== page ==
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As I was growing up, my mom often worked 12- to 14-hour days — born as she was in an era in which hard work for long periods demonstrated devotion and a strong character. As an adult, she followed in the path of her parents and their parents, and so on. My sister and I watched her wake up every morning at 5:00 a.m., leave the house at 6:00 for work and not make it home until around 7:00 p.m. most of the time, which meant we were latchkey kids for most of our childhood. Another thing it meant was that we rarely spent quality time with my mother. We played sports but she was never able to make it to our events. When I would ask, “Mommy, are you going to make it to my track meet?”, she would reply, “No, I’m going to work.”
Although I despised her working such long hours, watching it conditioned me to believe that the only way I could provide for myself and my family was to do the same. As a result, I earned my doctorate degree while working a full-time job and contracting as a school social worker for six hours a day… while being married! I was exhausted — using every ounce of energy I had. But why did I think that was acceptable? Without even realizing it, I was living a life based on the belief that no amount of money was ever enough, and that if I didn’t “grind and hustle,” I would be broke. Unfortunately, so many of us have the same belief and have subscribed to a similarly punishing lifestyle.
What is financial trauma?
In 2016, Dr. Galen Buckwalter, a research psychologist, conducted a study that focused on the connection between personality and financial behavior. He found that one in four Americans suffer from financially-induced post-traumatic stress disorder symptoms, which include irritability, self-destructive behaviors, isolation, avoidance, denial, agitation and hypervigilance when it came to facing financial realities.
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There are several factors in adulthood that can lead to such trauma, including a history of loss of income, limited savings, high amounts of debt, being evicted, divorce, financial abuse in a relationship and several others. But so much of who we are as adults is also shaped by our childhood. My perspective derived from communication directed to me and things I witnessed, as well as overhearing my mom discuss her views of money (principally not having enough). Have you ever considered what lessons you were taught in childhood and how they contributed to your relationship with finances as an adult?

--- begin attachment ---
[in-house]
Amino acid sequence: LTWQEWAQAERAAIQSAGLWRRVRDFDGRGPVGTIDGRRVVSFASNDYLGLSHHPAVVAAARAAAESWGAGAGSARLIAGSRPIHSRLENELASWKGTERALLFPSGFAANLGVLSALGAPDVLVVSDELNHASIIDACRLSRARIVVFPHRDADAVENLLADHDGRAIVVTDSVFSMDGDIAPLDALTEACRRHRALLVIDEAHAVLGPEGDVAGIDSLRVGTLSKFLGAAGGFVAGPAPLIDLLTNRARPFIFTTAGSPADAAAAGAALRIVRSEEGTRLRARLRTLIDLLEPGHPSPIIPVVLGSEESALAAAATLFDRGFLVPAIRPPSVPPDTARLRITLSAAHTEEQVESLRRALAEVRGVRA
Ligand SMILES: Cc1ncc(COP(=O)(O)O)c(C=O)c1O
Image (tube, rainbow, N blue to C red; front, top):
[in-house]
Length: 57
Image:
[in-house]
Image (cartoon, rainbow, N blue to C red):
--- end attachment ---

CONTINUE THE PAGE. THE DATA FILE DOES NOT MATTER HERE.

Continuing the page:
How is it manifested?
Everyone is susceptible to financial trauma, whether you grew up with limited means or expansive financial resources. Some signs to keep an eye out for:
• Avoidance. This can take the form of not opening bills, not discussing money and not looking at balances. It’s a symptom in which even thinking about money can be very stressful and as a result a person chooses to evade the topic altogether.
• Overspending. This essentially boils down to making purchases, large and small, without having the finances to cover them — living outside of your budget. One of the patterns I see among a number of clients is not even having a budget in place. Committing to one and staying within it are extremely important.
• Lack of boundaries. Not requiring payment for your services or products, lending money when you cannot afford to and under-charging and/or not asking for more money even when you deserve it are classic examples of this characteristic. Valuing who you are and your gifts are extremely important when it comes to both mental and financial health.
• Underspending can present as not investing in yourself or your business — holding onto funds so tightly that you don’t position yourself for growth — and is a consequence of fear of not being able to make more money and otherwise viewing your finances from a place of scarcity. You have earned your money, and deserve to use it to position yourself for opportunities and development: Don’t hold onto it so tightly that your situation becomes stagnant.
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Moving beyond financial trauma
Healing from any type of trauma begins with a choice to do so, and here are a few tips to get you started:
• Recognize that your current relationship with money is not helping to produce the financial results desired. Once you acknowledge that you want and deserve better, you can then accurately assess those needs. It’s important to be ready to shed old ways that aren’t helping you become the person you want to be.
• Decide what you want your money relationship to look like. Do you want to spend on yourself without fear? To create a weekly or monthly savings goal? To draw boundaries around taking care of others and the degree to which you sacrifice yourself? Identify what it will look like for you to be happy, and these considerations aren’t about other people: focus on you.
• Seek professional assistance. I would recommend that either before or while working with a financial professional, you also work with a mental health practitioner who specializes in healing trauma. Trauma impacts so much of who we are, how we think, how we respond to others and how we treat ourselves, and it’s entirely possible that it occurred in childhood. If that’s the case, you have been operating from a place of hurt for several years. Having a support team in place to help you through the healing process will not only be helpful but keep you from having to go it alone.
Related: 3 Simple Steps to Keep You From Drowning in Collective Trauma